Let's Stop Comparing Early Hybrid Sales to Early EV Sales

By · March 01, 2013

Nissan LEAF

Don't compare early LEAF sales to that of the Prius: The latter was a barely promoted brand-new technology in 2000.

Electric car sales are up 198 percent! That’s the upbeat news delivered during an Electric Drive Transportation Association teleconference last Tuesday. “Automakers are committed to electrification, there are 22 new plug-in models to be delivered by next year, 5,375 public charging stations in the U.S. now," said Brian Wynne, EDTA’s president. "And we’ve seen a 198 percent EV sales jump—a stronger growth trend than we saw with mainstream hybrids a decade ago.”

That’s all true, but comparing the first year or two of sales of hybrids to what we saw in 2011 and 2012 with EV sales is mostly positive spin.

Deceptive Numbers

EV numbers are up, yes, and sales of the Volt and LEAF are up 46 percent from last year. But the growth is from a very small base. Total 2012 sales of battery cars and plug-in hybrids was 52,835 in the U.S., EDTA reported. But the agency’s chart also includes regular hybrids, and lumps them in to get a 3.38 percent “electric drive market share.” Without the hybrids, it’s a fraction of one percent.

Let’s look at January. Again according to EDTA figures, 2,022 battery cars were sold, compared to 34,611 hybrids (and 2,354 plug-in hybrids). You can look at that as a growing electric drive market share of 3.75 percent, or you can look at as a minor retreat from December (2,704 battery cars) and November (2,211). But let's face facts: battery cars still aren’t denting the sales charts.

Apples and Bananas

Toyota and Honda—the only players in the field then—started out very slow with American market production of the Insight (1999) and Prius (2000). Advertising was next to nil, and executives at the companies had little interest, faith, or personal investment, in seeing hybrids succeed. The Insight, as a two-seater, was never expected to have more than a niche audience. Toyota was shocked when the Prius found customers. That has to be contrasted with the big media push given to the Nissan LEAF and Chevy Volt.

Few people in 2000 understood that hybrids existed or how they worked. It was still the SUV era. The general consensus was that they have to be plugged in, and that hurt sales for quite a while. But even in 2000, some 5,600 Priuses were sold in the U.S., and 15,600 in 2001.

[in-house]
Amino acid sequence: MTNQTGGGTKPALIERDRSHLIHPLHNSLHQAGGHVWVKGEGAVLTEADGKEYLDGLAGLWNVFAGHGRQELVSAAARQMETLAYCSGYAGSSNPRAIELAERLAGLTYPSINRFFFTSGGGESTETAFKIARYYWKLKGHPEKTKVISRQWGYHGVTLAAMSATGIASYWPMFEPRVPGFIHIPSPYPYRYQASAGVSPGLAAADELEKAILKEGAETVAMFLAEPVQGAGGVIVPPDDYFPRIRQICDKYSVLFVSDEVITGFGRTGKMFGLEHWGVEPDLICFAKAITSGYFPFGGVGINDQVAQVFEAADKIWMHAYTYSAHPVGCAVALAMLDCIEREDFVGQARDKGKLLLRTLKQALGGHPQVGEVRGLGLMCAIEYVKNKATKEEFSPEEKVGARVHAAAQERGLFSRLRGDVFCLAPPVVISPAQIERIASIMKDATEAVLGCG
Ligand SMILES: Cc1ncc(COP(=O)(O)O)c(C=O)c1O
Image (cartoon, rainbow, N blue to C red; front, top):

In 2003, the third full year of the U.S. hybrid market, there were 47,000 hybrid sales. In 2004, sales jumped to 85,000, and then came 2005, when sales of gas-electric hybrid zoomed to 210,000 sales. And the growth continued.

In January, hybrids had a very respectable 3.3 percent market share in the U.S., HybridCars.com reports, the highest level since April 2012, thanks to a host of new models, including the VW Jetta, Toyota Avalon, Mercedes E400, Ford C-MAX and Audi Q5. Will EVs be at 3.3 percent a dozen years into the market? Will EV advocates be happy if they are? Will the comparisons with hybrids still be going on?

Toyota Prius

The Prius is the little hybrid that could, with sales exceeding 3.3 million cars worldwide. (Toyota photo).

Through October, 5.8 million hybrids were sold worldwide, 4.6 million of them Lexus or Toyota products (and mostly the Prius). Even Honda, a hybrid also-ran, despite its early entry with the Insight, has sold more than a million of them. Nobody’s yet sold a million battery electric cars, and it might take more than 10 to 12 years before they do.

John Gartner, an analyst with Pike Research, looks at the global market in 2017 and sees annual sales of 1.64 million hybrids, with 486,000 plug-in hybrids and 616,000 battery cars. I think that's a bit optimistic on battery vehicles, but even if it comes true, hybrids will still have a big advantage.

Steady As She Goes

“The battery numbers haven’t been slower than I anticipated,” Wynne told me. “We have had only two full years of sales, so the jump I cited is indeed from a lower base. But we have more and more cars out there—they’re actually well distributed around the U.S. at this point. And the automakers are doing a better and better job of serving a national market. This is technology competing against a very robust competitor with a 100-year head start.”

Wynne thinks we’re on the right path, that the EV market isn’t stalling, that it’s continuing to move forward. We’re essentially agreed there, that the market is starting slow and moving forward incrementally. Bumps in the road—car fire controversies, images of EVs being pulled by tow trucks, winter range issues—haven’t derailed the plug-in car.

The toughest hybrid-to-EV comparison is still many months away, when EVs complete their third full year on the market. But let's be clear: The hybrid's meteoric growth in 2005 is not likely to be repeated for EVs, so we might as well stop making the comparison right now, before it's used to show that electric cars are a doomed technology.

Comments

· · 1 year ago

What is your point? Did hybrid receive such negative blast from the conservative right as Volt has received in the last 2 years? Sure, the marketing for the Plugins are bigger today than it was for the hybrids. But the media also didn't blast it as much as it did back then.

Don't forget that large % of the hybrids sales were helped by the CA HOV lanes stickers by then, and the same is true for today's plugin.

Also, EVs are also more expensive relatives to today's car price than hybrid back then.

Prius were sold for a premium over MSRP back when the carpool stickers were out. Today, neither Volt or PIP are sold over sticker b/c of the HOV sticker.

Plugins will get better as the AVERAGE consumer understand how cheap a plugin is to operate just as more consumer that will understand how a hybrid is today.

Sure, hybrids have sold for nearly a million. But majority of that gain came in the later half of the first decade. Same will be true for plugins.

The simple fact is that EV/Plugins are at least 1.9x more efficient than the BEST HYBRIDs. The more efficient it is, the better it will get.

I do agree that PHEV/EREV will outsell BEV by a long shot in the near term...

· · 1 year ago

Oh, another fact to mention, the BEST selling Plugin today is Volt. The Best selling Hybrid is the Prius.

The Volt will "spank" the Prius in just about every performance category.